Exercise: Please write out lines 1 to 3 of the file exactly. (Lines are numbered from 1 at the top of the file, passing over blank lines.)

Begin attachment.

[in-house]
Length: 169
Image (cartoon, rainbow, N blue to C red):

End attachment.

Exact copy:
[in-house]
Length: 169
Image (cartoon, rainbow, N blue to C red):